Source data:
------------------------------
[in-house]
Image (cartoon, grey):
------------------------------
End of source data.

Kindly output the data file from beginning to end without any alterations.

[in-house]
Image (cartoon, grey):